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Sartorial Strategies (Paperback)

Outfitting Aristocrats and Fashioning Conduct in Late Medieval Literature

P&S History > Medieval World > Medieval Language & Literature

Imprint: University of Notre Dame Press
Pages: 288
Illustrations: b/w illus
ISBN: 9780268041373
Published: 30th April 2012
Casemate UK Academic

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Costume historians and literary critics have sharpened understandings of dress as it constructs bodies and identities, but none has considered how representations of clothing in medieval literature respond to clerical discourses that sought to regulate contemporary aristocratic fashion. In Sartorial Strategies: Outfitting Aristocrats and Fashioning Conduct in Late Medieval Literature, Nicole D. Smith establishes that writers of romances redirect the negative depictions of the courtly body found in clerical chronicles and penitential writings into positive images that convey virtue.

 

Smith structures her book around two key moments in fashion history: the transformation of expensive attire by lacing, knotting, and belting in the twelfth century and by form-fitting tailoring in the fourteenth. She selects two literary texts in French from the twelfth and thirteenth centuries—Marie de France’s Guigemar and Heldris of Cornuälle’s Roman de Silence — and two in English from the fourteenth century — Sir Gawain and the Green Knight and Chaucer’s The Parson’s Tale —for analysis in light of these changes in fashion.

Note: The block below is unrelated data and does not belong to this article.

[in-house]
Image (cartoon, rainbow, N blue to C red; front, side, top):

While religious and political documents decried the immorality inherent in sumptuous clothing and attempted to restrain the behavior of individuals wearing stylish garments, the literature selected by Smith reimagines fashion-savvy aristocrats as models of morally sound behavior in a pedagogical program advanced not by preachers but by poets. Smith argues that each poet responds directly to the accusations of religious narratives that luxurious garments hinder the soul. Smith also offers original readings of lesser-known penitential guides, such as the Clensyng of Mannes Sowle and the Memoriale Credencium, thus illustrating an extensive conversation between romance and penitential guides.

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